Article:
Medicinal Chemistry of Anticancer Drugs, Second Edition, provides an updated treatment from the point of view of medicinal chemistry and drug design, focusing on the mechanism of action of antitumor drugs from the molecular level, and on the relationship between chemical structure and chemical and biochemical reactivity of antitumor agents.
Antitumor chemotherapy is a very active field of research, and a huge amount of information on the topic is generated every year. Cytotoxic chemotherapy is gradually being supplemented by a new generation of drugs that recognize specific targets on the surface or inside cancer cells, and resistance to antitumor drugs continues to be investigated. While these therapies are in their infancy, they hold promise of more effective therapies with fewer side effects.
Although many books are available that deal with clinical aspects of cancer chemotherapy, this book provides a sorely needed update from the point of view of medicinal chemistry and drug design.
- Presents information in a clear and concise way using a large number of figures
- Historical background provides insights on how the process of drug discovery in the anticancer field has evolved
- Extensive references to primary literature
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About the Author
José Carlos Menéndez was born in Madrid (1960) and obtained degrees in Pharmacy from Universidad Complutense at Madrid, UCM (1982, with Excellence Award) and Chemistry from UNED (1985) followed by a Ph.D. in Pharmacy from UCM in 1988, under the supervision of Dr. Mónica M. Söllhuber, with Excellence Award. In August 1988, he joined the group of Professor Steven V. Ley at Imperial College, London, where he worked on the total synthesis of the natural ionophoric antibiotic routiennocin. In September 1989, he returned as a Profesor Titular to the Organic and Medicinal Chemistry Department at UCM, where he has pursued his teaching and research career ever since, having obtained Accreditation as a Full Professor in 2010. He has varied research interests, related, on one hand, to medicinal chemistry work in the fields of neurodegeneration (prion disease, Alzheimer’s disease, ischemic injury) and chemotherapy (cancer, tuberculosis, leishmaniasis). Other projects pursued in his group are focused on the development of new synthetic methodology, including work on microwave-assisted organic synthesis, CAN as a catalyst for organic synthesis, green chemistry and the development new domino and multicomponent reactions for the preparation of biologically relevant bicyclic systems and nitrogen heterocycles. This work has been documented in about 210 research papers, reviews and chapters and 9 patents. Additionally, he has co-authored two textbooks in Medicinal Chemistry for McGraw-Hill Interamericana (?Introducción a la Química Farmacéutica, 2nd Ed." 2001 and "Ejercicios de Química Farmacéutica", 1997), and a third one for Elsevier ("Medicinal Chemistry of Anticancer Drugs", 2008). He is the coordinator of a Master Course on Drug Discovery, and the coordinator at UCM of a Ph.D. program in Medicinal Chemistry. He has collaborated with many research groups in UK, Italy, France, and India and also has some long-standing collaborations with several chemical and pharmaceutical Spanish companies. He has been the head of the Organic Microanalysis service at UCM since its creation in 1991. Since 2004, he is a Corresponding Member of the Spanish Royal Academy of Pharmacy. He has been a Visiting Professor at Université Paul Cézanne (Aix-Marseille III, France) in 2007 and at the Istituto di Studi Avanzati (ISA), Bologna University, Italy, in 2014.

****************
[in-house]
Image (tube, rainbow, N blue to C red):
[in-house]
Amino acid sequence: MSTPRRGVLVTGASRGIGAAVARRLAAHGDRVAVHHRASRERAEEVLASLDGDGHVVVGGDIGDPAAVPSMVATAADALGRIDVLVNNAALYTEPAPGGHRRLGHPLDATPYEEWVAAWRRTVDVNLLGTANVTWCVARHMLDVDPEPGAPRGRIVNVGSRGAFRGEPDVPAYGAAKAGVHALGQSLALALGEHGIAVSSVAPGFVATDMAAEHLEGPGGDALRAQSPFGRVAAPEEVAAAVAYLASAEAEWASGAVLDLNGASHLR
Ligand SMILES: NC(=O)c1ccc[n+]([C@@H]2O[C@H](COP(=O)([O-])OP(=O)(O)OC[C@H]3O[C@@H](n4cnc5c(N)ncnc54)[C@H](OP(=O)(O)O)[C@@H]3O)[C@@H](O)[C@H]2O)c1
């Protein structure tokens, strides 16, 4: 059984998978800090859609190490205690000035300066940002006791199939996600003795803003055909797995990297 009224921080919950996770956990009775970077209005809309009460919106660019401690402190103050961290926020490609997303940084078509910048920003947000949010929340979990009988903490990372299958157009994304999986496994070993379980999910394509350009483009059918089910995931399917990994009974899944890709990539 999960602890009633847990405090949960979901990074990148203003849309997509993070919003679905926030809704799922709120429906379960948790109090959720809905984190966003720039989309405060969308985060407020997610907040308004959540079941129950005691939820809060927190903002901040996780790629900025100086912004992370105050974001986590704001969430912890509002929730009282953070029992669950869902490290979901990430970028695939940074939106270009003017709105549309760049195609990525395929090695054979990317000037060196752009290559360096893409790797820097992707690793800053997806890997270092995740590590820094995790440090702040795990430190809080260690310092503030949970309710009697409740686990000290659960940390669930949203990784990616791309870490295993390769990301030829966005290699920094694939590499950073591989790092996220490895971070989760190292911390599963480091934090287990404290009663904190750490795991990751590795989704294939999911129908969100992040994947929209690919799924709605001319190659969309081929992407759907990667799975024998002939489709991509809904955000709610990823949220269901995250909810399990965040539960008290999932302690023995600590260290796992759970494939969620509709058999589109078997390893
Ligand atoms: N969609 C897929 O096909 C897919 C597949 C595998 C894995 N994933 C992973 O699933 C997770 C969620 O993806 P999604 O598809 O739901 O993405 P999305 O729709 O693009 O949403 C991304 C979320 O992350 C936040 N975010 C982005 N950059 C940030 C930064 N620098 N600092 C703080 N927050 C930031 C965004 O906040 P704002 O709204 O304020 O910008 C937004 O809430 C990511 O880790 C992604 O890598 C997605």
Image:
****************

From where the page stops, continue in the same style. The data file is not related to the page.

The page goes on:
Table of Contents1. Introduction to anticancer chemotherapy
3. Anticancer drugs that inhibit hormone action
4. Anticancer drugs acting via radical species. Photosensitizers and photodynamic therapy of cancer.
5. DNA alkylating agents
6. Alkylating and non-alkylating compounds interacting with the DNA minor groove.
7. DNA intercalation and inhibition of topoisomerases
8. Anticancer drugs targeting tubulin and microtubules
9. Drugs targeting signaling pathways for tumour cell growth and proliferation
10.Other approaches to targeted therapy
11.Drug targeting in anticancer chemotherapy
12.Resistance to antitumour agents and drugs that modulate it